Cliftonville Football Club today joined Paddy Madden’s family, friends and loved ones in bidding a heartfelt farewell to our legendary former groundsman, who passed away last week at the age of 74.
Paddy – who was honoured with a minute’s applause prior to the weekend’s fixture with Glenavon – will always be fondly recalled for his dedication to the Reds, for whom he never hesitated to go above and beyond the name of duty.
At this morning’s funeral at St Patrick’s Church, the Club were officially represented by President Sean McClean, Committee members and former office bearers, while supporters accompanied the family in sporting Cliftonville shirts, with Club colours poignantly draped over Paddy’s coffin.
Though unable to attend the service himself, Chairman Gerard Lawlor was keen to pay tribute to a larger-than-life character.
“Paddy loved being a part of Cliftonville FC and the Club loved the wholehearted enthusiasm he gave to his job,” he explained.
“Everybody has a story to tell about Paddy and I’m sure they’ve all been recounted plenty of times in the days since his passing. He served the Club well but was a fan first and foremost, so it was no surprise to see him alongside everyone else in the Social Club straight after a game.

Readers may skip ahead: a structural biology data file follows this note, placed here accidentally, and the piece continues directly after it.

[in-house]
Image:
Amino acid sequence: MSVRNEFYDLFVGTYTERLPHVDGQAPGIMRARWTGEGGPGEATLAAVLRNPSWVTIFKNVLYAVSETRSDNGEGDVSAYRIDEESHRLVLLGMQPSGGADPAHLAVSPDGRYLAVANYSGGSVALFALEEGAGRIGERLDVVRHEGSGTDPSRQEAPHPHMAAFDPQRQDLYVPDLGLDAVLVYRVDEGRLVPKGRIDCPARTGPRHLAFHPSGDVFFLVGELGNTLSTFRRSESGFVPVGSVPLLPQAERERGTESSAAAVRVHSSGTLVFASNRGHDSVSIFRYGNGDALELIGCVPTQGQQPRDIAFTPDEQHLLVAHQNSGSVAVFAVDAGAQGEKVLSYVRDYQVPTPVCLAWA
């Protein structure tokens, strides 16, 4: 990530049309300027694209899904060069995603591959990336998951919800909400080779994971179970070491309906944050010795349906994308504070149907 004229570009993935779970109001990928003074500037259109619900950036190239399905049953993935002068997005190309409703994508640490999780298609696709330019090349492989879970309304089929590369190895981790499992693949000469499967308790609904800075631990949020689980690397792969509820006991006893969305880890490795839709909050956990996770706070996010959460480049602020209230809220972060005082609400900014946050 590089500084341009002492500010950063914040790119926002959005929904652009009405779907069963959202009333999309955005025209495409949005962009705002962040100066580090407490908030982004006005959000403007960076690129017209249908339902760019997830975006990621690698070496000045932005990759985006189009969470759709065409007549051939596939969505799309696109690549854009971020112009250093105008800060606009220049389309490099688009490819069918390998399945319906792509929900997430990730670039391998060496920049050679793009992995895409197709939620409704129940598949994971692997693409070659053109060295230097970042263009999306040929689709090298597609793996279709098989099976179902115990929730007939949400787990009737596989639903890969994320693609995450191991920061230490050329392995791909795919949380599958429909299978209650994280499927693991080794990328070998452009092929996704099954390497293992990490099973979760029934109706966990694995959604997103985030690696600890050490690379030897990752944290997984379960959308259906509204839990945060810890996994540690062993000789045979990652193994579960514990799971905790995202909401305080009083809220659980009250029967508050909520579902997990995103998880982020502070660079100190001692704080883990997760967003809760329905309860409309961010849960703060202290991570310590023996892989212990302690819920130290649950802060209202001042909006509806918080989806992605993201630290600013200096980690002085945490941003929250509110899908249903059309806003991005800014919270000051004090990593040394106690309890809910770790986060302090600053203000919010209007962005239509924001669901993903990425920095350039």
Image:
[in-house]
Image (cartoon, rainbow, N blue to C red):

“To Paddy, we give our sincere thanks for not just his efforts as groundsman, but for the smiles he put on the faces of fans of all ages. To his family, we offer our most heartfelt condolences on their loss.”
Jim Boyce, who was Cliftonville Chairman for a significant period of Paddy’s tenure as groundsman, added: “I would like to place on record my own personal thanks for everything that Paddy did for my wife Hazel and I.
“He was the first friendly face that greeted you when you arrived at Solitude and the last to say goodbye when you were leaving. He was an absolute pleasure to have at the Club during my time as Chairman and he will be deeply, deeply missed.”
Born on November 18, 1944, he grew up in Lepper Street in the New Lodge area of Belfast and was a regular at Solitude before he had reached double figures.
Legend has it that, in his youth, he used to leave Cliftonville matches with more money than he arrived with thanks to pocketing tips from other supporters after running errands to the shop on their behalf.
As he grew older, his connection to the Club took on more official responsibilities and it was with great pride that he assumed the role of groundsman, which he held for many years.
Many’s the time he could be spotted frantically trying to drain our infamous old grass surface as kick-off approached on rainy days, while fans who attended the first leg of the Reds’ 1998 Champions League tie with Kosice will never forget the sight of Paddy, with the teams already out on the pitch, marking out the touchlines using what is perhaps most generously described as rudimentary equipment.
Such was his committment to serving the Club he loved that nobody was ever truly able to keep count of the amount of times Paddy would work long into the night and, seeing no sense in returning home for a brief spell before reporting back for duty the following morning, would simply resign himself to sleeping at Solitude!
He will be sadly missed by all associated with the Reds and Cliftonville Football Club extends deepest sympathies to Paddy’s friends and the Madden family circle at this very difficult time.
May he rest in peace.